Now, researchers at the University of North Carolina at Chapel Hill have not only identified the mechanism by which vancomycin resistance spreads from one bacterium to the next, but also have suggested ways to potentially stop the transfer.
The work, led by Matthew Redinbo, professor of chemistry at UNC’s College of Arts and Sciences, addresses the looming threat of incurable staph infections – a global public health problem that has mobilized scientists across disciplines to work together to identify the Achilles heel of these antibiotic-resistant bacteria.“We used to live in a world where antibiotics could readily cure bacterial disease,” said Redinbo. “But this is clearly no longer the case. We need to understand how bacteria obtain resistance to drugs like vancomycin, which served for decades as the ‘antibiotic of last resort.’”
By revealing the crystal structure of NES, the researchers found that this enzyme nicks one strand of the plasmid at a very specific site—and in a very specific way. It turns out that NES forms two loops that work together to pinch one strand of the plasmid at a particular groove in the DNA to cut it. This strand is now free to leave its host and transfer to a nearby bacterium, making them resistant to vancomycin.Moreover, Redinbo was able to capture a snapshot of the enzyme bound to the plasmid. “As a structural biologist, it’s all about the pictures for me,” said Redinbo. “And it was this picture that confirmed the precise location on which NES works.”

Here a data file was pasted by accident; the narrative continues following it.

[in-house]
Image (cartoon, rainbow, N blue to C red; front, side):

Thania Benios | EurekAlert!
First time-lapse footage of cell activity during limb regeneration
25.10.2016 | eLife
Phenotype at the push of a button
25.10.2016 | Institut für Pflanzenbiochemie
Ultrafast lasers have introduced new possibilities in engraving ultrafine structures, and scientists are now also investigating how to use them to etch microstructures into thin glass. There are possible applications in analytics (lab on a chip) and especially in electronics and the consumer sector, where great interest has been shown.
This new method was born of a surprising phenomenon: irradiating glass in a particular way with an ultrafast laser has the effect of making the glass up to a...
Terahertz excitation of selected crystal vibrations leads to an effective magnetic field that drives coherent spin motion
Controlling functional properties by light is one of the grand goals in modern condensed matter physics and materials science. A new study now demonstrates how...
Researchers from the Institute for Quantum Computing (IQC) at the University of Waterloo led the development of a new extensible wiring technique capable of controlling superconducting quantum bits, representing a significant step towards to the realization of a scalable quantum computer.
"The quantum socket is a wiring method that uses three-dimensional wires based on spring-loaded pins to address individual qubits," said Jeremy Béjanin, a PhD...
In a paper in Scientific Reports, a research team at Worcester Polytechnic Institute describes a novel light-activated phenomenon that could become the basis for applications as diverse as microscopic robotic grippers and more efficient solar cells.
A research team at Worcester Polytechnic Institute (WPI) has developed a revolutionary, light-activated semiconductor nanocomposite material that can be used...
By forcefully embedding two silicon atoms in a diamond matrix, Sandia researchers have demonstrated for the first time on a single chip all the components needed to create a quantum bridge to link quantum computers together.
"People have already built small quantum computers," says Sandia researcher Ryan Camacho. "Maybe the first useful one won't be a single giant quantum computer...
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